So let’s stop harping over a stale issue like the yellow shirt and get down to brass tabs. Surely, the police have endless crime job to handle. Managing the Kuala Lumpur traffic chaos is enough to drain the energies off the policemen. So why bother whether it is yellow, black or green T shirts and the words inscribed on the shirt.



PM Naib during his recent visit to London was reported to have said quote, “if some quarters are still unhappy with the government, let’s square it out when the elections comes and let the people decide” unquote. Reading from this statement, I can reasonably assume that Najib does not understand what Bersih stood for. Nothing is mentioned about the demands of Bersih that is crucial to the establishment of a free and fair election. Najib appears tenacious in his belief that the existing election laws and regulations are to be upheld, and this run contrary to the very demands of Bersih, as well as ignoring the thousands that rallied seeking their constitutional rights.

It is obvious to me now that Najib is quite unprepared to be forthright to the demands by Bersih, which I believe is well understood by him. And throughout his appearance with the press in London and the many questions posed to him regarding the Bersih rally, Najib has made no declaration to discuss with the sponsors of Bersih anytime soon in order to reach an amicable solution to Bersih’s demands. Rather, he repeated his position that street protest is not the way to press for a demand, and at the same time does not offer a way out of the impasse. The local media as usual will play up the issue that the rally had no significant impact on the government, and that Najib’s position is not jeopardized.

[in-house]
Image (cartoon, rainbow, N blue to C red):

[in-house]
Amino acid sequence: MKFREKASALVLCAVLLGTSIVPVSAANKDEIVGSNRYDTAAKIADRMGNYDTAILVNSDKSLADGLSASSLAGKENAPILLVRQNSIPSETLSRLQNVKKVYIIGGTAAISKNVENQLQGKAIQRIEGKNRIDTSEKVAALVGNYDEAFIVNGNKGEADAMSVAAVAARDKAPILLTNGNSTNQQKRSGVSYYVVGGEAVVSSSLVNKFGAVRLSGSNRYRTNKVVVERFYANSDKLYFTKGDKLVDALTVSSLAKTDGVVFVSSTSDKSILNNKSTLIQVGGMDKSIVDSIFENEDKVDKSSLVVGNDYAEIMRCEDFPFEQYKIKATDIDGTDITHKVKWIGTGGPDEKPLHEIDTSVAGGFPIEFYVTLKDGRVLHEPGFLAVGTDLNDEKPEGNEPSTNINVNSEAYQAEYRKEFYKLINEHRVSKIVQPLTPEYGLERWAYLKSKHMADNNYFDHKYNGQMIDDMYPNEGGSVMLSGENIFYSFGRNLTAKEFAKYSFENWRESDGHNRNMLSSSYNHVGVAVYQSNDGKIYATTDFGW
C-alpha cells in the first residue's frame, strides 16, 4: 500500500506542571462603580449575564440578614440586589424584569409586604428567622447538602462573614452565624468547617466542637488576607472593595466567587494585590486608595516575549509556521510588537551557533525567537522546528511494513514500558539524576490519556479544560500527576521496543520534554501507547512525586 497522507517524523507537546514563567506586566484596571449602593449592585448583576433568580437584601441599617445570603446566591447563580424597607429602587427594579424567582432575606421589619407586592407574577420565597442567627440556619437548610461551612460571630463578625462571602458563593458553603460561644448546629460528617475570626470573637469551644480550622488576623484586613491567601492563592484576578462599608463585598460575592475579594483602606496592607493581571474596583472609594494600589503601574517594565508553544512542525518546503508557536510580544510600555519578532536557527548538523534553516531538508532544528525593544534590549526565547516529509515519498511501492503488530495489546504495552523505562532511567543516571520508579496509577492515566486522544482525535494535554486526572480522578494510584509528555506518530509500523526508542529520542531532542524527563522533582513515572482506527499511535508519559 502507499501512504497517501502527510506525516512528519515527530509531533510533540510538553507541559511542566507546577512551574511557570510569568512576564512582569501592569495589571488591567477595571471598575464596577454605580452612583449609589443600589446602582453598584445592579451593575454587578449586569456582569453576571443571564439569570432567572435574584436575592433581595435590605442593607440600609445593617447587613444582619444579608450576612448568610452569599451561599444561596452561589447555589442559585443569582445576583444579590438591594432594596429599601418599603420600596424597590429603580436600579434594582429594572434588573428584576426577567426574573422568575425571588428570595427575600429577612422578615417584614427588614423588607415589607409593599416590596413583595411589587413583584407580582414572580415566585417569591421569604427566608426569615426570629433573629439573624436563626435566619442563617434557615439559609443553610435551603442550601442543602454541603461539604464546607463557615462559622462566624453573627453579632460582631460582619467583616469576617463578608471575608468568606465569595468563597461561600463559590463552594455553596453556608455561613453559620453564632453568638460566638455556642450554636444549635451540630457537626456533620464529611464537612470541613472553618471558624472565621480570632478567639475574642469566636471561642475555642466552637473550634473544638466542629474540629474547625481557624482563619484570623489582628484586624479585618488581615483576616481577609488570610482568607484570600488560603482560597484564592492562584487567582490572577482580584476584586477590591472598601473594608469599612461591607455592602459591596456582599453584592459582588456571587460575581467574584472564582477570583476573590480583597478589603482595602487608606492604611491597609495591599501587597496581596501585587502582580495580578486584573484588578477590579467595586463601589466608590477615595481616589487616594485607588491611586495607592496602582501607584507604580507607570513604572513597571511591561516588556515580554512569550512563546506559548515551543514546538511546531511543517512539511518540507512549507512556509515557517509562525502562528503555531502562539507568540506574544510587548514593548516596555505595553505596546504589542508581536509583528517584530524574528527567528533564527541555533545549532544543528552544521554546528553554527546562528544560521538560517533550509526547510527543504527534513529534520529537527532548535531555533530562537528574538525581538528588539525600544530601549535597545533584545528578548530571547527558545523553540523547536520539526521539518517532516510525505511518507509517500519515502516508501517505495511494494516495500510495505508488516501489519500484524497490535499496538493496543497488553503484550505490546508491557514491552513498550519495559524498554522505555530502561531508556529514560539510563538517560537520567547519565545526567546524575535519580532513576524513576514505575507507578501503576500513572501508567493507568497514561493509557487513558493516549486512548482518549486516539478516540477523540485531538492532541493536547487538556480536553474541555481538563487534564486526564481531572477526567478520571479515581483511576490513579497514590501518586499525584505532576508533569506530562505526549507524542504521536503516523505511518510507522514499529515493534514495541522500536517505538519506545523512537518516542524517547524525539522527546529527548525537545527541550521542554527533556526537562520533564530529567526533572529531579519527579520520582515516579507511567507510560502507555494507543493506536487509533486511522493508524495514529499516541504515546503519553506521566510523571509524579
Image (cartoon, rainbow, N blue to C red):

Watching on You Tube to a group of supposedly Malaysian protesters awaiting Naijb’s arrival in front of Hotel Intercontinental, London, I asked myself whether such freedom to a peaceful protest will ever be a feature in this country. Despite their verbal protest over loud hailers, the policemen showed full restrain and kept a reasonable distance away from the protestors. There were no riot squads on standby, no baton changes, no arrests, no screaming policemen and no police warning of “bersurai, bersurai kalau tidak kami tembak”. Sadly, Malaysia that will emerge a develop nation in less than a decade from today, is still gripped with the ISA and various other draconian laws that are a ‘mirror image’ in some undemocratic and dictatorial African regimes. If our leaders were to claim that Malaysia practices a true form of democracy (don’t know what that means) than we need to look at how true democracies work and the freedom accorded to its people. I think we are still far from being a truly democratic country; be it the western or Asian model.